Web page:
LIFESTYLE - Hula and the Merrie Monarch

Hula has been a part of my life for as long as I can remember. I think I was about 4 years old when I first started dancing with my church. I loved everything about hula. My love for hula continued through middle school. My and hula parted ways for about five years while I explored other passions and tried new things. When I moved back to Hawaii after being away for four months in college hula was one of the first things I got back in to. Once college ended and I began my journey of the "real real world" hula and I parted ways again. Although hula and I had an on again off again relationship, it still remained my love and I always seem to coming back to it. 

 Whether you're old or new to the hula community, everyone knows the Merrie Monarch competition is the Olympics of hula. This year was the 50th Anniversary of the event and like always, people from around the world tuned it to watch the performances. The first night of competition the few selected ladies compete for the title of Miss Aloha Hula. This year a young lady from my island home Maui obtained the coveted title. The second night of competition is the Hula kahiko. This is the traditional style of hula or other known as the faster type of hula. The third and final night of competition is the Hula 'auana or the more modern type of hula. The third night is is a long day for everyone. Not only is it the final night of week long activities, it's also the awards ceremony. People stay up to see who has claimed the respected titles.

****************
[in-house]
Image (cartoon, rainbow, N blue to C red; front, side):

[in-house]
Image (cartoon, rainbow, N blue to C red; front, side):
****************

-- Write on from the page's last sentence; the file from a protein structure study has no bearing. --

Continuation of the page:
Since I was a little girl, I would tune in to watch the Merrie Monarch competition each year. All those years when hula and I weren't together, I told myself, I have to get back. Last year I got so tired of hearing myself say that I finally decided to do something about it. Since I grew up on Maui and I've only danced with my church, I wasn't sure who or how to go about contacting halaus. Thanks to the internet, I looked up all the participating halaus on Oahu and sent out emails. The first to get back to me was Kumu Hiwa of Hula Halau Ka Lehua Tuahine. After visiting my first class, I immediately connected with Kumu Hiwa and her style of teaching and hula. Since then, I've never looked back. I'm so proud of my hula sisters who competed at this year's Merrie Monarch. It is my hope to one day be on that stage with them and compete. Congratulations to all of this year's Merrie Monarch participants and a big Mahalo (thank you) to all the people who put on this extraordinary event every year. 

Below are a few photos of my hula sisters for Halau Hula Ka Lehua Tuahine:

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